Sentences like this should be kept in mind when Time's top editor Rick Stengel declares "No one personifies TIME more than Nancy Gibbs...As a journalist, Nancy is timely and timeless."
He invited his exhausted audience to take a holiday from Lewinsky and spend a refreshing hour and 12 minutes feeling like a country again. For once the talk on the screen was not of oral sex, but of our lives and fortunes and sacred happiness. He had become all human nature, the best and the worst, standing there naked in a sharp, dark suit, behind the TelePrompTer. That which does not kill him only makes him stronger, and his poll numbers went through the roof....That may have been a miracle, but it was no accident: Americans are less puritanical and more forgiving than the cartoon version suggests, and this President is never better than in his worst moments." — Time magazine Senior Editor Nancy Gibbs, February 9, 1998 issue.
Gibbs clearly doesn't like her presidents to be overtly religious. She declared "We've seen what happens when it serves a president's interest to flaunt his faith -- which is almost inevitably does, since every poll affirms that Americans want their leader to submit to some higher power." So what happens? She never elaborated. She lamented "Religious tests, a constitutional taboo, are a political tradition."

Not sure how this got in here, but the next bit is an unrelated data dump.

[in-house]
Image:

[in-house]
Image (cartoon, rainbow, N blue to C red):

Her liberal hero, naturally, is John F. Kennedy, who declared in 1960 that he came to Protestant pastors to talk about "now what kind of church I believe in , for that should be important only to me -- but what kind of America I believe in." She insisted "That was an America where church and state were absolutely separate and priests and preachers did not tell parishioners how to vote."
Clearly, Gibbs doesn't really mean that progressive Reverends like Jesse Jackson (or even Reverend Wright) can't tell their parishioners how to vote. She simply doesn't like it when priests and preachers tell parishioners not to vote straight-ticket Democrat, like most well-coached Time magazine staffers.